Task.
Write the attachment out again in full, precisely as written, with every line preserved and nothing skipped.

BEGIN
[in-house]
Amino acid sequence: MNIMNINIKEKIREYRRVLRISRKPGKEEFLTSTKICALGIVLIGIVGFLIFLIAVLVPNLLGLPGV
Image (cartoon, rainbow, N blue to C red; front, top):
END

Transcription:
[in-house]
Amino acid sequence: MNIMNINIKEKIREYRRVLRISRKPGKEEFLTSTKICALGIVLIGIVGFLIFLIAVLVPNLLGLPGV
Image (cartoon, rainbow, N blue to C red; front, top):